A century of struggle: The All India Trade Union Congress

An interview with Amarjeet Kaur, National Secretary of the AITUC

By Martha Grevatt
November 4, 2016


In a show of their strength, members of the All India Trade Union Congress protest in Bangladore, December 2012.

Amarjeet Kaur is National Secretary of the All India Trade Union Congress (AITUC). Martha Grevatt interviewed her Oct. 7 during the 17th Congress of the World Federation of Trade Unions held in Durban, South Africa.

Kaur explained that until 1947 AITUC was the only trade union umbrella organization in India. Another 11 union centers were formed between then, the 1980s and the current decade by various political currents — from the Marxist left to social democrats to  “right-reactionary, religion-based organizations.” The federations led by the previous and current ruling bourgeois parties are the largest, followed by AITUC, which is “the top among the left.”

This is the first segment of the interview.

Martha Grevatt: About how many unions are in AITUC?

Amarjeet Kaur: The AITUC has 3,000 affiliated unions from all sectors: oil, petroleum, insurance, postal, telephone, mining, unorganized sector, domestic workers, welfare scheme workers, venders, hawkers, taxi unions, auto unions, public transport, building construction, engineering workers, metalworkers, all sections including agriculture — unions of formal and informal sectors everywhere, governmental and nongovernmental..

Welfare scheme workers are not protected by any labor law because they are told, “You are volunteers and you are not getting wages. You are only being given honorarium because you are providing some services” [such as immunizations of pregnant women and providing meals at schools to poor children]. They are almost 10 million, most of them are women, and they are working for worker status. They think, “We should be paid minimum wages,” which any unskilled worker is given in India.

There are so many workers who are getting jobs for a little while, and then they’re out of jobs. There are those who are seekers of employment forced into menial jobs here and there. But naturally they belong to the particular sectoral unions depending on their skill or semi-skill. There’s no sector left that we have not unionized.

At our last verification, which the government of India conducts, we had claimed 6 million workers, but the government gave us only about 3.8 million. This time, after a gap of 10 years, our claimed membership is now 14 million. We are very sure this time we will be able to secure more than 10 million from government reports.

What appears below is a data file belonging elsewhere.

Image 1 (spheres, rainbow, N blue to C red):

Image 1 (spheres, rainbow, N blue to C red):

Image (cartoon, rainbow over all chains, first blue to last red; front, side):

MG: What’s the history of AITUC?

AK: The labor movement began in India in 19th century [in] the jute mills and textile mills. So the labor movement was quite influenced by the world labor movement which was emerging at that time as well as by Marx and Engels talking about the working class coming up to take charge in the next period, in the next era.

The third influence on Indian labor was of our own national freedom movement against British colonial rule. Then the 20th century begins. The participation of laborers in the freedom movement increased and formation of unions also increased and, developing with that, the participation [by labor] in the freedom movement, in spontaneous calls given by the national freedom movement leaders.

That influenced the freedom movement leadership also, recognizing these workforces very potential not only to fight for their own rights but their potential to even strengthen the liberation movement to get India free. So with that process we went further ahead.

The efforts were made to have an all-India organization. And the first conference, which was held in Bombay [now Mumbai] was in 1920. There unions of all sections, formal, informal, governmental, non-governmental, all those unions came together and formed this umbrella organization as All India Trade Union Congress.

During the British period, under umbrella of AITUC, several rights of workers and several labor legislations were won. The Indian trade union movement was very well recognized in various phases of the freedom movement and in the organized movement after 1920. The result was when a Constituent Assembly was formed for the kind of constitution India will have after independence from British, that Constituent Assembly took note of the participation of Indian labor movement in the freedom movement.

The result was that several of our rights were recognized in the constitution of the free republic of India: right to associations, equal pay for equal work, maternity benefits to women workers, healthy working conditions, no discrimination at workplace and living wages.

These concepts were taken into the Indian constitution, and this all was due to the labor movement which fought in India. We also achieved several legislations during British period. The Trade Union Act under which we registered our trade unions we achieved in 1926. Then Workplace Compensation Act and several laws. We sought many amendments, and we got [them]. Of these working hour conditions, also during British period, we achieved [limits of] 12 hours; we got eight hours [after independence] in 1948.

(Photo: Sampath Kumar G.P.)